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  • Alistair Tait

Maurice Flitcroft's Lasting Legacy

Updated: Aug 1, 2021

Here’s a question that’s been on my mind since hearing Maurice Flitcroft’s life story is about to be celebrated in a feature length film: who missed out on a potential spot in the 1976 Open Championship because the imposter conned his way into Open Qualifying?

The legendary hacker infamously submitted an entry form for Open Qualifying for the field at Royal Birkdale, claiming he was a professional golfer even though he’d never been on a golf course in his life. His entry was accepted.

The crane operator from Barrow-in-Furness managed 18 holes at Formby Golf Club in 1976, the year Johnny Miller won the Open Championship and Seve Ballesteros announced himself on the world stage. Then 46 years old, Flitcroft shot 121, 49 over par. He didn’t play the second round. He withdrew after those, er, sterling 18 holes. (Wonder if the scorecard still exists?)

“I have no chance of qualifying,” Flitcroft said. “I’ve made a lot of progress in the last few months and I’m sorry I did not do any better.”

Actually, the R&A told Flitcroft in no uncertain terms he wasn’t playing the second round.

Flitcroft wasn’t even a member of a golf club. He and Ballesteros might have been miles apart in terms of talent, but they had one thing in common: they both learned to play on a beach. Seve famously learned to hit shots with a 3-iron off sand at Pedrena in Northern Spain. Flitcroft practised on the beach near his home in Cumbria.

A newspaper got in touch with Flitcroft’s mother to get her opinion of her son’s attempt to play in The Open.

“He’s got to start somewhere, hasn’t he?” she said.

Flitcroft sent in his entry form for the 1977 championship; the R&A rejected it.

Undeterred, Flitcroft filed a bogus entry form for the 1978 championship under the name of Gene Pacecki, reportedly an American professional. He played a few holes at South Herts before the R&A twigged to his real identity and tossed him off the course.

A Swiss player supposedly by the name Gerald Hoppy managed nine holes at Pleasington in 1983. After 63 shots, the R&A realised the man with the false moustache was Flitcroft. Arnold Palmtree, Count Manfred von Hoffmenstal and James Beau Jolley were other aliases Flitcroft used to try to dupe the R&A.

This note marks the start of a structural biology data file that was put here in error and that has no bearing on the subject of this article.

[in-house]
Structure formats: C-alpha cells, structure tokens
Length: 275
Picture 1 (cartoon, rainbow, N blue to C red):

I spoke to Flitcroft via telephone when I worked for Golf Monthly in the mid 1990s. I heard he was writing a book and managed to track him down. I asked him if he still harboured dreams of playing in The Open. He told me ‘yes,’ that he still hit balls on the beach at Barrow-in-Furness, hoping one day to become good enough to play in the championship.

Now his story is about to be told on the silver screen. The Phantom of the Open, based on an eponymous book by Simon Farnaby and Scott Murray, is being distributed in the UK by eOne and will be screened in cinemas from 5 November. Oscar-winning actor Mark Rylance (pictured) plays Flitcroft, while actor and filmmaker Craig Roberts is the film’s director. Farnaby wrote the screenplay.

Wonder if Flitcroft’s life will be glammed up? Will there be some attractive woman who dotes on the would be major winner, someone Flitcroft confides his dreams to in some sort of Rocky Balboa-like tale. (Oh, I hope not!) Will the movie identify those players who had to suffer Flitcroft’s antics for those excruciating 18 holes at Formby? What about the player who missed out because Flitcroft took his spot?

Just think, there might be a poor lost soul who could have been Champion Golfer of the Year in 1976 if Flitcroft hadn't stole his place.

Far fetched? Okay, maybe just a tad. However, there was a serious side to Flitcroft’s con trick: serious players missed out on playing in Open Qualifying as a result. That’s why the R&A were not best pleased with Flitcroft’s shenanigans, or copy cats like Bo Brit, a Canadian who turned up in a pair of Cowboy boots a few years later who manged to con his way into Open Qualifying. He, too, was stopped in his tracks after a few holes.

Perhaps Flitcroft’s legacy other than this movie is he forced the R&A to institute stricter checks on entry forms, with names flagged up if there is anything suspicious. Perhaps those who now work in the R&A entries department should raise a wee toast to Flitcroft once a year for giving them a job.

As for the player who missed out at Formby in 1976 because Flitcroft stole his place, he probably has Walter Mitty-like dreams about beating Miller and Ballesteros over the closing holes in the greatest championship ever played.

For a someone who couldn’t hit his hat, Maurice Flitcroft has certainly left a lasting legacy

#JustSaying: “The Championship Committee reserves the right to disqualify any competitors making a false statement on his entry form.” R&A policy post Flitcroft

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